For the first time since Pope Benedict XVI visited 7 years ago, the pope made the transatlantic journey to come visit the United States. Though, in virtually every previous visit to America by a sitting pontiff, it is customary for the pope to meet with the U.S. President, Pope Francis also added to the historic nature of his visit by giving a speech in front of a joint session of Congress. This is the first time a papal visit has included an address to Congress.
While the current pope is broadly liked by the public—even non-Catholics—for his more progressive approach to the papacy, the somewhat polarizing political implications of his visit and his congressional speech are reminiscent of Israeli Prime Minister Benjamin Netanyahu's address to Congress earlier this year.
Tackling Big Issues
While he is admired for his uncommon humility and sense of social justice, Pope Francis has quickly proven himself unintimidated when it comes to talking about controversial issues. The pontiff has not shied away from condemning those that neglect the poor, promoting greater religious tolerance and interfaith dialogue, and speaking out against climate change. In this sense, he is a rather polarizing figure who has upset many lawmakers who see the Holy Father as advancing a specific political agenda, even Catholics: Representative Paul Gosar (R-Arizona), himself a Catholic, even boycotted the pope's congressional address.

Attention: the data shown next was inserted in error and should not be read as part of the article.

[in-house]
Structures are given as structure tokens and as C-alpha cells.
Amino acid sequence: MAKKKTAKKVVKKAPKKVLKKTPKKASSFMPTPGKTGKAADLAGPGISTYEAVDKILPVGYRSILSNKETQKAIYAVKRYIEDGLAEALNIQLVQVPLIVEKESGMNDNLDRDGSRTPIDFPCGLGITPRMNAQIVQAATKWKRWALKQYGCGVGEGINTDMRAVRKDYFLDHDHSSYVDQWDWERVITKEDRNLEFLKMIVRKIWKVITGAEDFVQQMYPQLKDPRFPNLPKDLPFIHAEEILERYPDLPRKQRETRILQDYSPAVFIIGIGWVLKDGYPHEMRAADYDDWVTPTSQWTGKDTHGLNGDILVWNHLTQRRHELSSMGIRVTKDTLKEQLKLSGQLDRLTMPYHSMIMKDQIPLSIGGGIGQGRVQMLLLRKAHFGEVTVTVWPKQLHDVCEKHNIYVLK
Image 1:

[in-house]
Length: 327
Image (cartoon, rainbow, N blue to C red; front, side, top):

Therein lies the real controversy: in a free and open society, should we afford such a platform to the ideas of powerful foreign leaders—even if we disagree with them?
Despite his characterization by some as a leftist agitator, Pope Francis does hew to the church's doctrines on topics such as family values, marriage, and abortion. In a tone and timbre that was at times subtle, the pope did touch upon these issues in his speech, demonstrating that his views are multifaceted: some appeal to the progressive crowd, some appeal to conservatives, and some are broadly amenable to both.
As a general rule, adherents to Catholicism have an ecstatic admiration for the office of the pontiff. (Rep. Gosar, on the other hand, is a good example that this is only true in a general sense.) However, there are many reasons supporting the idea that the current pope is not only a one-of-a-kind character, but also boasts a uniquely American identity.
Pope Francis, who hails from Argentina, is the first pope to ever come from the New World, which also makes him the first-ever pope born in the Americas. He's the only pontiff to have come from the Southern Hemisphere, the first non-European pope in over 12 centuries, and (judging by the lack of a number following his papal name) is the first pope to choose to align his identity with Saint Francis of Assisi.
With this list of firsts, it stands to reason that the pope would have such a catholic (in the "lowercase c" sense) view of dialogue between different religions. He has frequently reached out to, and established meaningful understandings with, Eastern Orthodox churches, Jewish congregations, and Muslim communities.
After speaking in front of Congress, Pope Francis will travel to New York to the United Nations headquarters to address the international body on Friday. He will conclude his trip in Philadelphia on Sunday.
You can read the full transcript of Pope Francis's congressional address by following the link, courtesy of the Washington Post.